Odon. are usually infected with intestinal gregarines. Using E. praevarum adults, it was investigated whether: (a) both sexes differed in the degree of parasitism and immune ability (as shown by melanization of artificial, nylon-based implants in the thoracic region); and, (b) gamete production, survival and fat reserves correlated with gregarine burden. 2 sets of in-copula (to control for age) animals were used. One was used for estimation of egg and sperm, and the other for fat reserves. Survival was monitored as the time that field-captured insects survived under laboratory conditions in the absence of food. Gregarines were counted by dissection of the gut. Despite the case that 9 9 had more parasites than 3 3, both sexes did not differ in immune ability. Eggs, but neither sperm nor fat reserves in both sexes, correlated negatively with parasite number. Survival in both sexes also correlated inversely with gregarine burden. This, however, held only for 3 3 when the analysis was performed by sex. These results are discussed in terms of the detrimental effects of gregarine on Zygoptera hosts.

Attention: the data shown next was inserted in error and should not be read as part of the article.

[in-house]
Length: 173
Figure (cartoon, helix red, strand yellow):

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Societas Internationalis Odonatologica

J. Canales-Lazcano, J. Contreras-Garduño, & A. Córdoba-Aguilar. (2005). Fitness-related attributes and gregarine burden in a non-territorial damselfly Enallagma praevarum Hagen (Zygoptera: Coenagrionidae). Odonatologica, 34(2), 123–130.